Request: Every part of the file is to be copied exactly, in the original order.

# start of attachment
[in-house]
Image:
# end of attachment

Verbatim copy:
[in-house]
Image: